Pondering Time Before the Pandemic

Time is a funny concept.

For most of humanity, time has been an arbitrary measure of things. It was Protagoras who waxed philosophically that man was the measure of all things and certainly man invented time. So the philosophical question is to ask is time then imperfect?

Civilizations that remain lost to our lives created calendars that we marvel at the astronomical accuracy of today. Of course, the skies before our industrial economy were clear and vast in the past, and while we look for written records as evidence, the ruins that populate Instagram and fuel speculation about purpose. Mostly about time or the position of constellations. Places that would take a long time to visit.

Technology has increasingly achieved what has resulted in the most accurate time ever. GPS (global positioning satellites) pinpoints time and place so that airplanes and rockets, ships, and your neighbor’s SUV can reach places no matter what the conditions are.

Computers, for instance, count time by seconds. The idea of a day is a measure of how many seconds have transpired. But then things get wonky. A week is seven days. A month is …

So what is a month? Recently I was on my way to Ecuador. The trip was booked in February for a travel date in late November. On the day of departure, I got to the airport and was surprised to find out that I could not check in because I did not have six months of validity left on my passport.

Frustrated, I realized that the time I would need to spend to get an emergency same day renewal was going to outweigh the point of the trip, which was a much-needed retreat. I’d have to get from LGA to a passport office. NYC was the default passport office location. If I chose to that, then a wait while they processed the renewal, pay an expedited fee, and then come back the next day for a rebooked flight. I thought of going somewhere else, where this 6-month rule was not in place, but because of a confluence of timing, thanksgiving being the peak American travel period, it would be an expensive option.

Time is the one thing money can’t buy. Once you spend time, it’s gone. You can buy time, in a way, time off from something, but it’s an entirely arbitrary system.

Our economy functions on a trade-off of time for money, but increasingly, time is traded without compensation for it because it has become accepted that you are always connected. And yet, unless you are in control of what you produce, you aren’t really getting a fair exchange.

So what is a month or a week or a day?

Contracts often talk about days. A project I did for a client merged the idea of time and contracts. They wanted a web-based application that would track time off for municipal employees covered by dozens of labor contracts. Often I would read the contract to uncover a clause that would state that an employee would earn a 1/4 day of time off for every month they worked. I would have to calculate what a day was, based on what a workweek was, and then convert all that to algorithms that would identify an employee by location and contract. A 32-hour workweek would calculate differently than a 35 hour work week or a 40-hour workweek. And then what was considered a day of work when schedules could result in 10 hour days?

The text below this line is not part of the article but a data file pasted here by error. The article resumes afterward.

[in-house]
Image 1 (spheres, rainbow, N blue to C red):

Then there were the leap years. An extra day wedged into the month of February to account for the elliptical orbit of the earth.

From the end of November to the date, my passport expired was 168 days. Half of a 365 day is 182.5 days. I was missing 14 days.

May is the 5th month of the year. December is the 12th. Together they represent six months.

But computers, running programs that someone programmed, don’t live in a world where their position on a calendar calculates months. They are coded by people who make decisions on how to calculate a day, a week, or a month. An algorithm blocked my ability to fly to Ecuador. Assuming I made it to an immigration desk in Ecuador, I would have been scrutinized by a human who would see that my passport would expire six months after I left the country.

Algorithms govern so much in life these days. Where you live, what your credit score is, what box you check on a form. Decisions are made based on what criteria are set, interpreted by programmers who learn their craft by reviewing the imprecise words of lawyers, politicians, regulators, scientists, and people.

The requirement by the government of Ecuador required six months of passport validity. The question of validity on departure date or arrival date? How that is interpreted results in different outcomes for the edge cases.

Three months, or 90 days. So many legal contracts make such arbitrary time calculations. In 90 days, my passport would have still been valid. In exactly another 90 days, it would not have been. The two 90 day periods are a total of 180 days. Not quite half the year defined as 182.5. So two three month periods of 90 days is not necessarily six months or half a year.

My return flight to leave Ecuador was scheduled for midnight on November 29th. 00:00 hours. An hour earlier, and it would have left a day earlier. The number of days between November 28th and May 5th, the day my passport would be invalid is 180. Still 2.5 days short of the magical algorithmically calculated 182.5.



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